2010 Example of the empty Paper for the essays written by the students .
2010 Six of the 52 images of the Students Portraits. Fotoprint on Paperboard.
In the public space 2010 The project involved publishing the selected sentences of the students on standard-size (cm 50 x 70) posters in the public space of the towns where the essays had been carried out, Merano, Bolzano, Ortisei in Val Gardena, so that the meaningful thoughts of the students could reach the local people.
Untitled 2010 Traditional costumes have a special value in South Tyrol. Must they always keep the same form? Everything in our world is developing, so why do traditions and costumes remain superficially unchanged. I wanted to create a metamorphosis of the traditional Meraner Miedertracht costume to signify a new form it could take on. I covered 21 pictures of my own body with fabrics, creating many different variants of a new costume. In the end I realized my own traditional dress.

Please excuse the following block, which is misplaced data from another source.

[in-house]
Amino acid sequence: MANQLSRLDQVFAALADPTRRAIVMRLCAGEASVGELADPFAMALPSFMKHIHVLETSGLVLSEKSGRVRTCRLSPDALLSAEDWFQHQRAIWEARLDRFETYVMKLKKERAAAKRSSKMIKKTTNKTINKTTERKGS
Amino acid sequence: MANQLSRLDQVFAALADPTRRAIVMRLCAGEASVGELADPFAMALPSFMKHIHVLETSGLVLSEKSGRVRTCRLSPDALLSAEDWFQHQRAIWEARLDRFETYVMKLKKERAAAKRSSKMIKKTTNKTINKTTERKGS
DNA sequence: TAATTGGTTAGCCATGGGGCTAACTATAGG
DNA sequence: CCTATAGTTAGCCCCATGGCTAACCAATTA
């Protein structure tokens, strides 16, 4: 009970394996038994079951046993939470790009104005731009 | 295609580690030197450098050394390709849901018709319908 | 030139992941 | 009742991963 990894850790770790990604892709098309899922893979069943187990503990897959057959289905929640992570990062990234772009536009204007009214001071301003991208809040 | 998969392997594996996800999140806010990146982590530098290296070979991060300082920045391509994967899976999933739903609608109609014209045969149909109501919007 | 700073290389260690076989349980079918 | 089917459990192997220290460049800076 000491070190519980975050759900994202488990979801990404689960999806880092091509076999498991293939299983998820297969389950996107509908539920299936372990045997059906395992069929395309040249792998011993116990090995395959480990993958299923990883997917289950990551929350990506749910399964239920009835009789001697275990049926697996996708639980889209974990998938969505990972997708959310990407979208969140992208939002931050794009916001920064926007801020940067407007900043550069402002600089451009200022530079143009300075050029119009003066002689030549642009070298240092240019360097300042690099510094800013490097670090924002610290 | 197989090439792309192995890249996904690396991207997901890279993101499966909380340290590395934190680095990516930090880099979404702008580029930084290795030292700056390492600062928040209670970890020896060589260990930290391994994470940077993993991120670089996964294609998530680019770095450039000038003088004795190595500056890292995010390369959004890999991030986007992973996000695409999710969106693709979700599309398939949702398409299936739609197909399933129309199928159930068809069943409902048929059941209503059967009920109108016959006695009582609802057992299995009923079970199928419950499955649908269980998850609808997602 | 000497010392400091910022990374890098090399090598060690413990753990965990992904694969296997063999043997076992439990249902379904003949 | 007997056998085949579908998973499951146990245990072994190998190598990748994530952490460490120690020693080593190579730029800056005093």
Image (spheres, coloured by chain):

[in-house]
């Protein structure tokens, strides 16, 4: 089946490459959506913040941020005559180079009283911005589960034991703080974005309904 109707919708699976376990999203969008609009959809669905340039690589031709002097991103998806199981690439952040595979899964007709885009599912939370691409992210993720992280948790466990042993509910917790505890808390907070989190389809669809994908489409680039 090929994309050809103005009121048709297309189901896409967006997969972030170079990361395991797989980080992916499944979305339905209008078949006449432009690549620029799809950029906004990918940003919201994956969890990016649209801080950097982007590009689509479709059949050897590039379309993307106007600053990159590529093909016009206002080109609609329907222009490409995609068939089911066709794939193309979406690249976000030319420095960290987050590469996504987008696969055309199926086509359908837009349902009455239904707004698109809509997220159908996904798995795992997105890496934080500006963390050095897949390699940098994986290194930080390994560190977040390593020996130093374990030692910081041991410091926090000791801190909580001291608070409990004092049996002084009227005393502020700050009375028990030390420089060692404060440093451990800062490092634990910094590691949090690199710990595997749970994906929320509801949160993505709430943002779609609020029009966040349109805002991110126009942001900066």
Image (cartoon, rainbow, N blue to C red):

Image of the traditional Meraner Miedertracht. 21 Variants of a possible new Tracht. My final Meraner Miedertracht (dress). paperboard, photographs, fabric. Varied dimensions.